It appears form the annexure of the said show cause ntoice that the Government did nto agree with the findings of the Enquiry Officer framed against the plaintiff had been proved. In the said annexure, it is stated 'the president has. thereforee, come to the provisional conclusion that Mr. Selhi should be dismissed from service. He has accordingly decided that he should be asked to show cause why he should nto be dismissed from service on the charges proved against him ....' Similarly, in the show cause ntoice, it was said that '.... The President is pleased to arrive at the Provisional conclusion that you are guilty of the charges proved against you as mentioned in the annexure to this memorandum. The President has accordingly decided provisionally that you should be dismissed from service'. The plaintiff submitted his Explanationn on 24th March, 1957 which recommended dismissal of the plaintiff. The plaintiff was accordingly dismissed on 31-1-1957. The parties went to trial on the following issues:
1. Whether the order of suspension is illegal and void?
1-A. Whether Shri J. D. Shukla was nto duly appointed as an Enquiry Officer as alleged in clause (J) of Para 8 of the plaint? If so, what is its effect on the report made by him?
2. Whether the order of dismissal is illegal, ultra virus and void?
3. Whether the plaintiff was permanently employed as Assistant Inspecting Officer? If nto, its effect.?
4. To what amount, if any, is the plaintiff entitled?
The trial Court, by its judgment dated 28th January, 1960, dismissed the suit of the plaintiff with costs and the plaintiff has now appealed to this Court. Three contentions were urged on behalf of the Plaintiff:
(i) Appointment of Enqurity Officer was illegal and without jurisdiction;
(ii) the punishing authority had no power to differ from the findings of the Enquiry Officer; and
(iii) the dismissal order is illegal, because:
(a) the charge is nto established on any legal findings;
(b) different standards of proof have been applied by the punishing authority in weighing the evidence in support of and against the charges; and
(c) the report of the Enquiry Officer is vitiated by disregard of the rules of natural justice.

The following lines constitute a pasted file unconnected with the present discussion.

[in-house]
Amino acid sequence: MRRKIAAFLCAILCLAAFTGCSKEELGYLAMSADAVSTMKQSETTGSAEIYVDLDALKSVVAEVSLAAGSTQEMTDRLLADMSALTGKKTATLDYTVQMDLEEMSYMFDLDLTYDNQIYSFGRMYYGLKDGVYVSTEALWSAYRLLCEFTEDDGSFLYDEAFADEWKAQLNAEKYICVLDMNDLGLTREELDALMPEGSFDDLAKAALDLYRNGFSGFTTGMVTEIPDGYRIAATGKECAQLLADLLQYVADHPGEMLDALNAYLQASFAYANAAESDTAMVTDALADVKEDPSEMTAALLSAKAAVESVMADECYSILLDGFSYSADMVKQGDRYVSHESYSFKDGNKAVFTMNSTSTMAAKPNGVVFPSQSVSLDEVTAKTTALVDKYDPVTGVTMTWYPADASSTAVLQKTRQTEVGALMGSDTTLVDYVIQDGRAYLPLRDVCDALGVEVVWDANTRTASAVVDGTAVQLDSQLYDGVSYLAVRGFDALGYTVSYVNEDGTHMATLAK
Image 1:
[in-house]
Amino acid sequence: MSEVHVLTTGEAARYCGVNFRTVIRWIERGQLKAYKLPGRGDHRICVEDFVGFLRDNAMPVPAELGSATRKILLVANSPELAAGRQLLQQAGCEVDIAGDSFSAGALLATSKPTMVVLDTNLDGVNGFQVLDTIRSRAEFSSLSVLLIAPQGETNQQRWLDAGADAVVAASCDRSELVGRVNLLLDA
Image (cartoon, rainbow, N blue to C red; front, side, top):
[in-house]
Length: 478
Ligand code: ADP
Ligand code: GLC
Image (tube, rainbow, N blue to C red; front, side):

(2) So far as the second contention is concerned, Mr. Misra, the Jearned counsel, while dealing with the individual contentions, conceded that he could nto support the same. In elaboration of the first point, Mr. Misra's argument is that omission of the name of Enquiry Office in clause (3) of the memorandum dated 31st March, 1956, was fatal to the Enquiry inasmuch as the Secretary to the Government of India, acting as a delegate of the Government, could nto further delegate the power to the Deputy High Commissioner to appoint an Enquiry Officer. According to Mr. Misra, this delegation was unauthorised resulting in vitiation of the whole Enquiry. Mr. Sankar, learned counsel for the respondent on the toher hand, relied on paragraph 3 of the plaint and the opening sentence of the Enquiry Officer's report as showing that the appointment of the Enquiry Officer was made ;by the Union of India. Mr. Sankar's above-mentioned argument may nto provide a valid defense inasmuch as in clause (J) of paragraph 8 of the plaint, the objeaction of Mr. Misra has been expressly set out and the opening sentence in the Enquiry Officer's report does nto seem to have taken ntoice of the fact that the selection of the Enquiry Officer was made by the Deputy High Commissioner. From the document, Exhibit D-1/1, I conclude that the matter of selection and appointment of the Enquiry Officer was left to the Deputy High Commissioner. That, however, is nto enough to see the plaintiff through. There has, in fact, been to delegation in this case at all. The authority entrusted with the function of coming to a decision could appoint a person to collect the materials. That remains only a matter of procedure. So long as the authority does nto abdicate its essential functions of hearing and applying its mind to the material collected and comes to its own conclusion, no objection can, in my opinion, be taken to the appointment of an officer to collect such materials. The heart of the problem is the hearing of the parties concerned and reaching a conclusion of the evidence taken. Whether the deciding officer hears a party audibly addressing him or hears him only through the medium of his written-statement and the evidence recorded by the Enquiry Officer cannto but be a matter of procedure. What has happened here? The Secretary to the Government of India, acting as Government, had to appoint an Enquiry Officer for the purpose of collection of material and report. The Government had ultimately to apply its mind to the materials collected and the report and come to its own conclusion. The latter function was admittedly nto delegated as the Government itself did consider the entire materials and the report. If the Secretary, instead of nominating an officer to hold an Enquiry, tells someone else to entrust the job of collection of materials to a person selected by him, no exception can be taken. Mr. Misra relied on Shardul Singh v. State of Madhya Pradesh, : (1968)IILLJ274MP and Pradyat Kumar Bose v. Hon'ble Chief Justice of Calcutta High Court, : 2SCR1331 . It is unnecessary to elaborate on these decisions because, as I have said earlier, if the essential functions expected to be exercise by a designated authority are delegated, such delegation may suffer from such a vice as to render the act of the delegate invalid. In this case, ntohing of that kind has happened. Strictly speaking, such entrustment may nto be termed as delegation, as collection of material and making of a report are necessarily to be entrusted to someone else. The authority charged with exercising the power of dismissal has to address himself personally to the entire evidence, which has been done. After considering the material collected and the report, the decision was by the Government and constitutionally the essential functions involved in the matter were exercised by and remained those of the Government.